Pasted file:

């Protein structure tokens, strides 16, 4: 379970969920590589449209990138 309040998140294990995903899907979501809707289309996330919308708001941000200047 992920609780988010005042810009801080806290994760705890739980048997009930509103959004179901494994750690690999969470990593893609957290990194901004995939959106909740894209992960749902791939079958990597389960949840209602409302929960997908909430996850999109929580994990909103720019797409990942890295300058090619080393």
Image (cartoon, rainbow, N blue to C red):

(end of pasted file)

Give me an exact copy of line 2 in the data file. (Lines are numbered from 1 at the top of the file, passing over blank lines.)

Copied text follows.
Image (cartoon, rainbow, N blue to C red):